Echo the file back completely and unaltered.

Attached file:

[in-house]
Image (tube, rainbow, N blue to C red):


[in-house]
Image (tube, rainbow, N blue to C red):